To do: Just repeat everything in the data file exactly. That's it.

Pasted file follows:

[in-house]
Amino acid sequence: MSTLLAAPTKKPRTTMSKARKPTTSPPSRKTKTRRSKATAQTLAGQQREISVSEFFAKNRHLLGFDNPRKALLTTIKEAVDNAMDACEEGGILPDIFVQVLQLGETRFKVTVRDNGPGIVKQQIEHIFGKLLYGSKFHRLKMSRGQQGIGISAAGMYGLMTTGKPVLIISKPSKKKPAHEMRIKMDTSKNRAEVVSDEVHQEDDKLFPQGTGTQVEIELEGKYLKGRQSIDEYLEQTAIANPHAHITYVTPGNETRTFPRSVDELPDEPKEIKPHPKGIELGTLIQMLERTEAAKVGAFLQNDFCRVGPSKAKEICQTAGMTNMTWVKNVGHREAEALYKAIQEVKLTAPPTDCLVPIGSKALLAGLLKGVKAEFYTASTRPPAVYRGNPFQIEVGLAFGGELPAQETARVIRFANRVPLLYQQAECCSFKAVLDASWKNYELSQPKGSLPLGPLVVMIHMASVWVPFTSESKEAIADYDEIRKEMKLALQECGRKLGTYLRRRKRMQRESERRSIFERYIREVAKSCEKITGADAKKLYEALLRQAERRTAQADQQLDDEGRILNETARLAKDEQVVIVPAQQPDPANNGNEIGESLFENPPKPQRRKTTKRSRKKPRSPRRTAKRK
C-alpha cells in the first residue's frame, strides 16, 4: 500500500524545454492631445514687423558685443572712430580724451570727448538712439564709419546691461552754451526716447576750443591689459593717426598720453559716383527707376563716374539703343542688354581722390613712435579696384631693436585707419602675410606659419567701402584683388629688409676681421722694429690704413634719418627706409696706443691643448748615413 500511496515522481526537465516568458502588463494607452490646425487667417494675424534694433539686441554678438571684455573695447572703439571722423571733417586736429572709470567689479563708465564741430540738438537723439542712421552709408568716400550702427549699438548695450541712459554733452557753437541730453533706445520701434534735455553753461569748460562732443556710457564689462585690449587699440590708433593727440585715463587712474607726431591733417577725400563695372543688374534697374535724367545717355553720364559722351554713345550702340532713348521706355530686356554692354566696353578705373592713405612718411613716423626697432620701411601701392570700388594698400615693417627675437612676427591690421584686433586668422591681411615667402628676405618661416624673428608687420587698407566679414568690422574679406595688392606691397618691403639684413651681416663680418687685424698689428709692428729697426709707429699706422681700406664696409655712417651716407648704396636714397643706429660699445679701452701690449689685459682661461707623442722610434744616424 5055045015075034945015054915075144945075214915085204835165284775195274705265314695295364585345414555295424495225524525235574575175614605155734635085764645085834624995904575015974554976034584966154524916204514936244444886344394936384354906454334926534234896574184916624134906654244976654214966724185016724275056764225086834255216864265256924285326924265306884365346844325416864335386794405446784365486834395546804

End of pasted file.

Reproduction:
[in-house]
Amino acid sequence: MSTLLAAPTKKPRTTMSKARKPTTSPPSRKTKTRRSKATAQTLAGQQREISVSEFFAKNRHLLGFDNPRKALLTTIKEAVDNAMDACEEGGILPDIFVQVLQLGETRFKVTVRDNGPGIVKQQIEHIFGKLLYGSKFHRLKMSRGQQGIGISAAGMYGLMTTGKPVLIISKPSKKKPAHEMRIKMDTSKNRAEVVSDEVHQEDDKLFPQGTGTQVEIELEGKYLKGRQSIDEYLEQTAIANPHAHITYVTPGNETRTFPRSVDELPDEPKEIKPHPKGIELGTLIQMLERTEAAKVGAFLQNDFCRVGPSKAKEICQTAGMTNMTWVKNVGHREAEALYKAIQEVKLTAPPTDCLVPIGSKALLAGLLKGVKAEFYTASTRPPAVYRGNPFQIEVGLAFGGELPAQETARVIRFANRVPLLYQQAECCSFKAVLDASWKNYELSQPKGSLPLGPLVVMIHMASVWVPFTSESKEAIADYDEIRKEMKLALQECGRKLGTYLRRRKRMQRESERRSIFERYIREVAKSCEKITGADAKKLYEALLRQAERRTAQADQQLDDEGRILNETARLAKDEQVVIVPAQQPDPANNGNEIGESLFENPPKPQRRKTTKRSRKKPRSPRRTAKRK
C-alpha cells in the first residue's frame, strides 16, 4: 500500500524545454492631445514687423558685443572712430580724451570727448538712439564709419546691461552754451526716447576750443591689459593717426598720453559716383527707376563716374539703343542688354581722390613712435579696384631693436585707419602675410606659419567701402584683388629688409676681421722694429690704413634719418627706409696706443691643448748615413 500511496515522481526537465516568458502588463494607452490646425487667417494675424534694433539686441554678438571684455573695447572703439571722423571733417586736429572709470567689479563708465564741430540738438537723439542712421552709408568716400550702427549699438548695450541712459554733452557753437541730453533706445520701434534735455553753461569748460562732443556710457564689462585690449587699440590708433593727440585715463587712474607726431591733417577725400563695372543688374534697374535724367545717355553720364559722351554713345550702340532713348521706355530686356554692354566696353578705373592713405612718411613716423626697432620701411601701392570700388594698400615693417627675437612676427591690421584686433586668422591681411615667402628676405618661416624673428608687420587698407566679414568690422574679406595688392606691397618691403639684413651681416663680418687685424698689428709692428729697426709707429699706422681700406664696409655712417651716407648704396636714397643706429660699445679701452701690449689685459682661461707623442722610434744616424 5055045015075034945015054915075144945075214915085204835165284775195274705265314695295364585345414555295424495225524525235574575175614605155734635085764645085834624995904575015974554976034584966154524916204514936244444886344394936384354906454334926534234896574184916624134906654244976654214966724185016724275056764225086834255216864265256924285326924265306884365346844325416864335386794405446784365486834395546804